• Berington, Joseph (1830). "Primacy of Saint Peter and His Successors." . The Faith of Catholics: confirmed by Scripture, and attested by the Fathers of the five first centuries of the Church, Volume 1. Jos. Booker.
  • Chadwick, Henry. The Church in Ancient Society: From Galilee to Gregory the Great. Oxford: Oxford University Press, 2001.
  • Collins, Paul. Upon This Rock: The Popes and their Changing Roles. Melbourne: Melbourne University Press, 2000.
  • Deharbe, Joseph (1912). "Ninth Article: 'The Holy Catholic Church; the Communion of Saints.'. A Complete Catechism of the Catholic Religion. Translated by Rev. John Fander. Schwartz, Kirwin & Fauss.
  • Evans, G.R. The Church in the Early Middle Ages. I.B. Tauris: New York, 2007.
  • Maxwell-Stuart, P.G. Chronicle of the Popes: the Reign-by-Reign Record of the Papacy from St. Peter to the Present. 2nd ed. London : Thames & Hudson, 2006.
  • Meyendorff, John, ed. The Primacy of Peter: Essays in Ecclesiology and the Early Church. (ISBN 0-88141-125-6)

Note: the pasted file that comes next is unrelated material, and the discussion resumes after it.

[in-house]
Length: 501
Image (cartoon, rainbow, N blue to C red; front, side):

• Perkins, Pheme. Peter: Apostle for the Whole Church. Columbia: University of South Carolina Press, 1994.
  • Pham, John-Peter. Heirs of the Fisherman: Behind the Scenes of Papal Death and Succession. New York: Oxford University Press, 2004.
  • Ray, Stephen K. Upon This Rock: St. Peter and the Primacy of Rome in Scripture and the Early Church. (ISBN 0-89870-723-4)
  • Webster, William. "The Matthew 16 Controversy". Calvary Press, 1996. (ISBN 1-87973-725-6)
  • Winter, Michael M. Saint Peter and the Popes. Baltimore: Helicon Press, 1960.